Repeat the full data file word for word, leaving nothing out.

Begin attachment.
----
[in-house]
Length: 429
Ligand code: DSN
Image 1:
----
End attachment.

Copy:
[in-house]
Length: 429
Ligand code: DSN
Image 1: